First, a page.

By JAN LARSON McLAUGHLIN BG Independent News   More than 300 local businesses save on garbage pickup costs and conserve landfill space by separating their recyclables from their trash. Businesses from Northwood to North Baltimore use a program operated by Wood Lane’s Community Employment Service, called R&R, to pick up their recyclables. “This is truly intended to be a county-wide program,” said Vic Gable, head of CES. But while the program picks up recyclables for many private businesses, schools and government offices, it collects items from just two apartment complexes in Bowling Green. While the city picks up recyclables at residences, it does not collect them at apartment complexes. During a recent meeting of the Bowling Green City-University Relations Commission, members discussed the lack of recycling at apartment complexes and downtown businesses. Chris Ostrowski, a member of the commission, said he was the first to start apartment recycling in Bowling Green in the 1980s at Summit Terrace, which has 96 units. “We started because it made economic sense,” Ostrowski said. “It was cheaper than having someone pick it up as trash.” Most of the student renters want to recycle, he said. “For the most part, the students see it as a positive thing.” According to Ostrowski, many apartment complexes don’t offer recycling since the owners are responsible for the start-up costs. Unlike other residences, where curbside containers are provided by the city, the apartments would have to purchase the bins. The Wood Lane program partners with the Wood County Solid…


Siblings wear memorial for their father, Glenn Haught, on their skins

By DAVID DUPONT BG Independent News As a leathersmith, Glenn Haught knew something about needles. Haught, a longtime fixture in Bowling Green where he repaired shoes and leather items of all sorts, died Jan. 27. On Tuesday his daughter, Melissa Marshall and his son, Gerald Haught, got a taste of a different kind of needle when they visited Broad Wing Tattoo in downtown Bowling Green to get matching tattoos to honor their father’s legacy. Marshall credited her brother with the idea. He’s no stranger to the shop nor tattoo artist Jaime Mullholand. She’s worked her craft numerous times on Haught’s arms. The memorial tattoo is his seventh. He has an autobiography in ink on his arms. He already has a tattoo to honor his father, one depicting his signature hat and boots. There’s an image for each of his family members, including his mother, Linda, who assisted her husband with jobs requiring stitching on bags, purses and other items. Marshall does have one tattoo. It dates back before her marriage. Her husband, Jack, is not fond of tattoos. But, she said, he made an exception for the one that will adorn her right ankle. The image replicates the metal silhouette included on the community mural on the corner of East Poe Road and College Street. It shows Glenn Haught at work at his bench. When asked about their father, both Gerald Haught and his sister recall him as a man who worked hard at a job he loved. While known…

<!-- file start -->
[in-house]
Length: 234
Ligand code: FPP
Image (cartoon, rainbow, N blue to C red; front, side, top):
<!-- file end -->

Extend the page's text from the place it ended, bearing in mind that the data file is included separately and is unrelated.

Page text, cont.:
Corner Grill plans to reopen

By DAVID DUPONT BG Independent News The owner of the Corner Grill hopes to be back serving burgers within three months. Larry Cain said Wednesday that because of water and smoke damage caused by a fire Monday morning the interior of the eatery will pretty much have to be gutted. He will try to save some signature elements such as the countertops. Still the nostalgic will be the same. Firefighters were called to the grill shortly before 8 a.m. Monday as the crew was preparing to open. Flames shot up from behind a grill as it was heating, and that fire extended into the hood, and from there into an abandoned stairwell next to the building through which the grills ventilated. That structure is owned by Jim Gavarone who operates Mr. Spots next door. The fire also temporarily closed Mr. Spots, but that restaurant is back operating. Cain said because of the damage from the fire that stairwell will now have to be removed. That’s one of the factors that will play into when the Corner Grill is back in operation. The grill itself will get a facelift, and all that work will have to be inspected and approved by the county. “That’s always the biggest thing, making sure things get codified,” Cain said. Much of the work, including getting new equipment, was already planned, but had been put off because of the vagaries of financing and operating a small business. Now that work will be done, and the new…